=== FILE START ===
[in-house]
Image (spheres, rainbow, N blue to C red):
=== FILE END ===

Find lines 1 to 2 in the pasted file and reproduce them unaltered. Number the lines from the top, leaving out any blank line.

[in-house]
Image (spheres, rainbow, N blue to C red):